Numerous Pro-Sportsmen Bills on the Move in Georgia

Contact: Mark Lance, Southeastern States Coordinator

  • House Bill 1147 (HB 1147), sponsored by numerous Georgia Legislative Sportsmen’s Caucus (Caucus) members, would allow for the hunting and trapping of raccoons and opossums year-round in Georgia. HB 1147 passed the House of Representatives (House) and awaits action in the Senate.
  • House Bill 1148 (HB 1148), sponsored by numerous Caucus members, including Caucus Co-Chair Representative David Knight, strengthens Georgia’s Chronic Wasting Disease (CWD) prevention strategy by prohibiting the importation and possession of certain Cervidae (deer family) carcasses or parts from out-of-state. HB 1148 passed the House and awaits action in the Senate.
  • House Bill 1349 (HB 1349), sponsored by numerous Caucus members, extends the baseline date for the Georgia Department of Natural Resources’ (DNR) No-Net-Loss statute to protect acreage available for hunting opportunities on DNR managed state-owned lands. HB 1349 awaits action in the House.

Why it Matters: Trapping is an effective tool that aids in managing a myriad of different wildlife species. CWD is a progressive, fatal, degenerative neurological disease that occurs in farmed and free-ranging deer and has recently been confirmed in neighboring Alabama. Lastly, lack of access to hunting lands is cited as a primary reason that hunters stop participating in hunting, making the passage of No-Net-Loss legislation important to the continued tradition of hunting and fishing in the state of Georgia.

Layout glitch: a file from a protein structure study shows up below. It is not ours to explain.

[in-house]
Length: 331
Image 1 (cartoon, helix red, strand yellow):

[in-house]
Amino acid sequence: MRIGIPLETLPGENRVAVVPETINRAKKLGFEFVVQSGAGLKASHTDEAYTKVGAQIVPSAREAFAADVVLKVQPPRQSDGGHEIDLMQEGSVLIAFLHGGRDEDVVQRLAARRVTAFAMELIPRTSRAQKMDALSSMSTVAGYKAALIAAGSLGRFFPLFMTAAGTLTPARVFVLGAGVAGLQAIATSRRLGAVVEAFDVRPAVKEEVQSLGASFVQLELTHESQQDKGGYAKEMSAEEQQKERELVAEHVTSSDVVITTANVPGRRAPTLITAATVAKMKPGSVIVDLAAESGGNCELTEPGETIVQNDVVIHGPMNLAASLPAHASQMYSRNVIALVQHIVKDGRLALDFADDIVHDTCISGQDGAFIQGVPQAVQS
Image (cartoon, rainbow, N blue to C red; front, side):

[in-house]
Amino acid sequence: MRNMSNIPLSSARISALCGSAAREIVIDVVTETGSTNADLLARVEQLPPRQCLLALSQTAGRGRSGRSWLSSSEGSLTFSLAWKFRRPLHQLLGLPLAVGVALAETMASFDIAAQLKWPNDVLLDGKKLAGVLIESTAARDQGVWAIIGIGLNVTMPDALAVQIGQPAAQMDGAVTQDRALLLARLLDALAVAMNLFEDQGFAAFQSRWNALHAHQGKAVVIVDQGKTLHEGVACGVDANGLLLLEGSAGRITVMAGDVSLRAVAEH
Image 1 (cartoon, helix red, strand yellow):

HB 1147: Racoons and opossums are notorious for negatively impact ground nesting bird populations such as turkey and quail. Allowing for the hunting and trapping of raccoons and opossums not only allows for outdoor recreation opportunities throughout the year, but it also aids in further managing highly successful nest predator populations.

HB 1148: This legislation would prohibit the importation and possession of certain Cervidae carcasses or parts from outside of the state, except for deboned meat, antlers, skulls, skull plates, teeth, or jawbones with no soft tissue attached, hides with no heads attached, and finished taxidermy. HB 1148 would strengthen Georgia’s efforts to keep Chronic Wasting Disease (CWD) from being introduced into the state. 

HB 1349: Georgia previously passed No-Net-Loss legislation which limits the loss of access to hunting opportunity by establishing a minimum acreage of state-owned areas open to sportsmen and women. This ensures that future generations have the same opportunities tomorrow that exist today. HB 1349 would extend the baseline date from 2005 to 2022 from which the DNR managed state-owned lands acreage is measured. The DNR has acquired new Wildlife Management Areas since 2005 so it is important to update the statute to reflect the acreage currently available for hunting.

The Congressional Sportsmen's Foundation (CSF) will continue to coordinate with the DNR, as well as in-state and national partners to support these bills.

If you are interested in keeping up-to-date on legislation impacting sportsmen and women, sign up for the CSF’s Tracking the Capitols

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Studies conducted at both the state and federal level have found that the number of hunters and trappers have been on a generally declining trend over the past several decades. To increase recruitment, retention, and reactivation (R3) of hunters and trappers, which initiative do you think would have the greatest impact?

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